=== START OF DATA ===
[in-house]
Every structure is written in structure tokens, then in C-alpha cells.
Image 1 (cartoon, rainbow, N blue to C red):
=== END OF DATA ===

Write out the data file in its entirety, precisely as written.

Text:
[in-house]
Every structure is written in structure tokens, then in C-alpha cells.
Image 1 (cartoon, rainbow, N blue to C red):